IBM unveiled enhancements to its security services portfolio, promising customers improved data analytics and deeper real-time analysis of security threats.
Customers can analyze data from multiple sources across the enterprise and determine how to tweak their security strategies and make sure security and business needs are aligned using new intelligence tools and services, IBM said Nov. 3. The new services are designed to help organizations make rapid decisions and prevent security breaches from impacting business, the company said.
The analytics tools and services include a new dashboard to provide real-time identification of advanced threats, a new IP intelligence report, an enhanced automated intelligence correlation engine, a new IP center dashboard, and managed security information and event management (SIEM) capabilities, according to Latha Maripuri, director if IBM Security Services. The services detect outlying behavior and threats by correlating a diverse set of data to help organizations make rapid decisions in case of a breach, Maripuri said.
Security executives are saying, "I've got a lot of the pieces, but I don't have a way to understand what's going on," Maripuri told a group of journalists at a press event on Nov. 2.
IBM created the new Security Systems Division in October after acquiring security intelligence and SIEM vendor Q1 Labs. The new tools and services under the Security Systems umbrella will expand IBM's existing security analytics capabilities, Marisa Viveros, vice president of IBM Security Services, said at the same event. Business intelligence is the "future of security," Viveros said, noting that IBM is pulling together all its recent security and analytics acquisitions to provide customers with deep analysis of threat data. With BI capabilities, organizations can present security insights to businesses and to the board of directors to justify security expenditures and policies, she said.
These tools and services will be offered as part of six subscription services that feed results from firewall logs, intrusion detection and prevention events, and vulnerability scans into the X-Force Protection System and its cloud-based analytic engine, IBM said. The data sets from the subscription services provide IBM analysts with "superior visibility" into an IT environment, strengthen enterprise security and allow security teams to remediate threats more rapidly, according to the company.
The host dashboard will use inbound and outbound firewall logs, threat intelligence feeds, intrusion detection and prevention events, and geographic IP location data to identify and prioritize threats, such as botnets. The ability to combine all the information into a single dashboard was essential because "no one wants multiple dashboards," Viveros said.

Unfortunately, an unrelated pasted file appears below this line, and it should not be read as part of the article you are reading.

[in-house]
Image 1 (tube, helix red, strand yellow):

The IP intelligence report is a one-page report that analyzes threats, vulnerabilities and remediation activities under way. The report will give organizations insight in all the IP addresses that are hitting their servers and be able to identify which may be malicious and which ones to keep an eye on for now, according to Maripuri.
The AI correlation engine enables IBM to chain together alerts from multiple services to identify sequences of activity that represent severe incidents. The Q1 Labs acquisition will enhance the engine, according to Maripuri.
The IP center dashboard provides IBM threat analysts with enhanced query capabilities across the managed security services customer data set. Analysts can profile suspected attackers faster, identify the number of affected customers and industries, and understand the type of threats delivered.
Just as the police can check a driver's license number for information including prior arrests and felony convictions, IBM threat analysts can perform checks to validate the severity of circumstances, streamlining the prioritization of remediation activities, according to IBM.
The managed SIEM offering, utilizing IBM Tivoli and Q1 Labs technology, will provide around-the-clock security monitoring and reporting to effectively identify and respond to threats and enhance existing SIEM deployments.
IBM already operates nine security operations centers, nine IBM Research centers, 11 software security development labs and three Institutes for Advanced Security around the world, according to Maripuri. The company employs thousands of security experts globally and monitors 12 billion security events per day in more than 130 countries, she said.